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Med Hypotheses. 2009 Jan;72(1):29-33. doi: 10.1016/j.mehy.2008.07.043. Epub 2008 Sep 11.

The "rejuvenatory" impact of lipoic acid on mitochondrial function in aging rats may reflect induction and activation of PPAR-gamma coactivator-1alpha.

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1
Oasis of Hope Hospital, Tijuana, Mexico. mccarty@pantox.com

Abstract

In aging rats, lipoic acid exerts a "rejuvenative" impact on mitochondria in various tissues, boosting mitochondrial membrane potential and oxygen consumption, while decreasing mitochondrial production of oxidants. A likely explanation for this phenomenon is that the mitochondria in aging rodents are structurally and functionally impaired by excessive oxidant stress - and that lipoic acid reverses this damage by amplifying key antioxidant mechanisms that protect mitochondria. A likely mediator of this effect is PPARgamma coactivator-1alpha (PGC-1alpha), which recently has been shown to promote transcription of the manganese-dependent superoxide dismutase, uncoupling protein-2, and an array of other proteins which provide antioxidant protection to mitochondria. Lipoic acid has been reported to activate both p38 MAP kinase and AMP-activated kinase (AMPK); p38 MAP kinase can boost the transcription, half-life, and coactivational activity of PGC-1alpha, and AMPK is known to promote its transcription in skeletal muscle and endothelial cells. Thus, it is intriguing to speculate that the remarkable antioxidant effects of lipoic acid therapy reflect not only induction of phase 2 antioxidants (e.g. glutathione and heme oxygenase-1), but also induction of various proteins that function expressly to protect mitochondria from self-generated oxidant stress. Further research is required to evaluate this model.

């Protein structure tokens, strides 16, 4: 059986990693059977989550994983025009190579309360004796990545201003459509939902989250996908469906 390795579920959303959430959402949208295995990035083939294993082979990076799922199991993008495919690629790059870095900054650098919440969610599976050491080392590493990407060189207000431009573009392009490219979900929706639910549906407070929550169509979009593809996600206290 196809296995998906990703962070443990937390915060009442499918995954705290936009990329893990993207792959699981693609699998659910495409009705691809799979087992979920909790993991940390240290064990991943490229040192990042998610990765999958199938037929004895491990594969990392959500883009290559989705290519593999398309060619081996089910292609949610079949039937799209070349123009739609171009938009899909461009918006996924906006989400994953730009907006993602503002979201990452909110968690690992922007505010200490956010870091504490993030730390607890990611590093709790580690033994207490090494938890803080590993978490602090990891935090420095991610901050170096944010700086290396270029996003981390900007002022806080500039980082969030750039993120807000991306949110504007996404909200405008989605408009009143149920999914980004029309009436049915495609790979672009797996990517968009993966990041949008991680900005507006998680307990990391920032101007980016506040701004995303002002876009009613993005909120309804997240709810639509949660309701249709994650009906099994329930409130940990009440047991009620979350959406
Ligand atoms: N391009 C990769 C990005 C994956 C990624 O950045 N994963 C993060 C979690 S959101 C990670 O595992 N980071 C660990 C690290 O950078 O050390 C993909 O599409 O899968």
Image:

PMID:
18789599
DOI:
10.1016/j.mehy.2008.07.043
[Indexed for MEDLINE]

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